Inflation is expected to exceed 7%
The surge in prices is strongly reminiscent of the 1980s, analysts point out, after the announcement on Monday of the 48.8% increase in the industrial producer price index in April on an annual basis.
Inflation projections for 2022 as a whole are constantly revised upwards, and analysts now estimate it between 7% and 9%. Just a month ago, in its spring estimates, the government predicted a rate of 6.3% for the European Union’s harmonized index – which is generally lower than the national index. On Tuesday, the European Commission will release its own estimates of the May readings, which are sure to remain high, as the industrial index also shows.
The National Bank’s chief economist, Nikos Magginas, noted the spread of inflationary pressures to all of production, packaging, transport, raw materials, etc. As the government tries to bring the situation under control with its interventions on electricity tariffs, the pressure remains, he commented. .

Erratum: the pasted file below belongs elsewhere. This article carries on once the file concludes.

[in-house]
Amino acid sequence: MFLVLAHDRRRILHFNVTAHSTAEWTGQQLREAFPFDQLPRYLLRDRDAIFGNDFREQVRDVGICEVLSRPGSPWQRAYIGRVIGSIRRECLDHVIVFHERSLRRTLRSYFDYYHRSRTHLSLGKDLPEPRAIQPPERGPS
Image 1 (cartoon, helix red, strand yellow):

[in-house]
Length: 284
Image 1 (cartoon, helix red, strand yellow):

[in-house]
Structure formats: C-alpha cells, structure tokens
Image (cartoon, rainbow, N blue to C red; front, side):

“For the first time, inflationary projections exceed the long-term target of 2%,” Magginas said, adding that he could not see this year’s average rate falling below 7%, despite government measures. which should contain 1 to 1.5%. points. He considers particularly worrying the forecast of a surge in oil prices to 120 dollars a barrel.
Piraeus Bank chief economist Ilias Lekkos sees inflation approaching 9% this year, before dropping to 2% in 2023 – but only if there is a solution on the war and crisis fronts. ‘feed.
On the bright side, inflationary pressures are not causing concern over gross domestic product, with indices remaining at healthy levels, the momentum of 2021 continuing into the first months of 2022 and tourism reaching the record numbers seen in 2019.
Data from the Hellenic Statistical Authority (ELSTAT) showed on Monday that the surge in industrial producer prices is generated by the 50.9% rise in external market rates and the 48.1% increase in market prices. indoor market.